No room for Mama

In this conflict of whether or not women can preach, those who believe that pastors can only be men, gives credit to their wife and tell me they respect ‘her’ ministry and all she does.  That is a gloss-over of what they are really saying. 

What they are really saying is this:

Wife, it’s too bad that God doesn’t allow you to preach.  But the way I see it is that you’ve got one choice:  You can grin and like it and support me, but you can’t stand up and speak up or question our translation of Paul’s words.

Wife, my only choice is to stand up and speak up and tell everybody, you my dear wife included, that God found favor in men and commissioned men to pastor a church.  Neither you nor anybody else can ever hope to find anything different because Paul said so, and I believe it, and that settles it.

Wife, this is what we will do.  You keep your mouth shut, and I’ll keep mine mouth open in protest against any woman who thinks that God might have called her to pastor.

Now, you know that a pastor would never tell his beloved wife that, nor would he tell the women in his congregation that.  Well, not in so many words, that is. But that is exactly what he tells his wife and the women in his congregation.   When he promotes the Baptist Faith and Message 2000, he tells all women that.  When he supports the complementarian restrictionist view of male headship, he tells all women that.  When he writes on blogs and quotes his favorite scriptures and uses language that prohibits women from being a pastor or deacon, he tells all women that.

When he reads only certain scriptures and deliberately chooses to ignore how Jesus commissioned women to preach, he tells all women that.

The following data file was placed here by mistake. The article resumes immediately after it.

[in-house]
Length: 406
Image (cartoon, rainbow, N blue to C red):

“She is invaluable. She brings so much to table.” But she will never be at the head of the table.

These pastors are fighting for their lives.  They visually ‘see’ a swarm of women outside their door clamoring to take over their pulpits.  I’ve got news for male pastors.  Women feel a call to pastor from God, and not all women want to get behind a pulpit.

All most women want to do is to be able to walk into their church and not feel that their church holds it against them that they are women. Will you join me and others who are working toward equality for Christian women?

*wish I could give credit to the person who drew the Batman cartoon, but I don’t know who it was.  I lifted it from another website.

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About bwebaptistwomenforequality

Shirley Taylor writes with humor and common sense, challenging the church body to reclaim equality for Christian women.
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2 Responses to No room for Mama

  1. Kristen says:

    Yes, they will respect a woman’s ministry and all she does; but that respect will vanish like the morning dew the moment her ministry steps out of its “proper” place and boundaries.

    Like

  2. Anne says:

    Jesus said don’t judge according to the outside (e.g. gender) but with righteous judgement. Meaning the heart. In the real world gender does not affect someone’s heart, mind or abilities, aside from differences that can be linked to hormones. Studies show this, and the Bible doesn’t deny it anywhere. And God is God of ultimate love and perfect FAIRNESS. He wouldn’t give more to one sex than the other, because that would be hurting the other sex and going against many verses of his Bible. In short: if God is restrictionist and pro-male, he isn’t perfect and all-loving. Even by human standards.

    Churches and pastors need to follow God’s example instead of zooming in on a few verses and ignoring others, taking those verses into their own hands without letting the Spirit lead them. They must get their legalism out of their obsession and instead try to think with the heart of the Father.

    Like

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